• Appearance of certain birds
  • Spring bulbs emerging
  • Emergence of weeds
  • And the smell of the soil warming.


Emerging tulips are a welcome sign of spring.

Warming Soil

I want to focus the last one-  warming soil. Why is soil temperature important?

As the temperature of the air rises and sunlight increases it begins to warm the soil.  This warming of the soil awakens the living organisms in your soil.  Microorganisms like bacteria, fungi, and protozoa come alive and restart the process of decomposing organic matter. This process of decay is what will make your soil rich in nutrients and gives it the earthy smell that gardeners love.  Earth worms migrate up  when the soil is frost free eating there way through soil, aerating as they tunnel, and depositing castings which enrich the soil.  During winter months or drought the earthworm burrows deep in the soil, encases itself in slime, and "hibernates" until the soil warms and there is moisture.



What The Gardener Should Do

This is why I feel it is important to add organic matter in the form of compost and aged manures in the garden in the fall.  You want organic matter available for these organisms in early spring.  It is the food source of soil organisms and combined with the warming sun will awaken the soil food web essential to organic gardening.  I add additional compost again when planting along with and organic dry fertilizer.



The minimum temperature that seeds of cool season crops can germinate is 40 degrees.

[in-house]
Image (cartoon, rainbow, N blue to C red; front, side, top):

It is possible to assist nature in warming your soil.

Build Your Soil

 A sandy loam soil with organic matter will warm more quickly than a heavy clay soil.  



Raised Beds

Soil in a raised bed warms more quickly than bare ground.

Plastic Mulches

Plastic mulches can be used to warm the soil.  For northern gardeners they can be used to warm the soil to get an earlier start on melons, tomatoes, and peppers.  Stretch the plastic mulch tightly across the bed and secure the edges.  I recommend using a plastic mulch specifically for gardening.  Black or clear plastic do NOT allow for the movement of air and water and are used more for solarizing the soil or killing weed seeds.  

Hoop Houses or Low Tunnels

This is what I use in early spring to get a head start.  Low tunnels increase air temperature during the day and retain heat at night.  An additional row cover can be placed over plants under the low tunnel.  They are inexpensive to build and easy to remove and relocate.


Early spring crops grown under a low tunnel.

You can see row covers in the background and a low tunnel.  Both allow you to plant earlier.


Cold Frames

Cold Frames are a bottomless box of glass or plastic placed over an existing bed.  They are more expensive and you must monitor the inside temperature more closely because they offer more protection from frost and heat up more readily than a row cover.

Hot Caps

Hot caps cover individual plants creating a mini greenhouse.  They are an options if you have only a few plants to protect which is rarely the case in my garden.







Word of Caution

For those of you that are like me and get spring fever in February whenever the sun shines and snow melts and seed packets arrive in the mail, be gentle with spring soils.

Seed packets will say to plant as soon as soil can be worked.  So what does that mean?

Because spring soil has a lot of moisture in it, the soil compacts easily.  Every time you step on your garden soil your weight squeezes out the air and when the moisture evaporates it drys into a hard clod.  Even hoeing or turning a wet soil can compact the soil particles together.  While weed seeds don't seem to mind hard compacted soil, garden seeds are more particular.

So when is it OK to "work the soil?"  Grab a handful of dirt from your garden beds, squeeze it, then open up your hand.  If the ball of soil crumbles on its own or crumbles when you poke it then go ahead and work compost and dry organic fertilizer into the soil.  If you have sticky mud ball then wait for the soil to dry out.